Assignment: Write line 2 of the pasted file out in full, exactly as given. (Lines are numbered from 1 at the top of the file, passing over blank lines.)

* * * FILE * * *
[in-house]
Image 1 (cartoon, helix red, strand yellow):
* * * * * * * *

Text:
Image 1 (cartoon, helix red, strand yellow):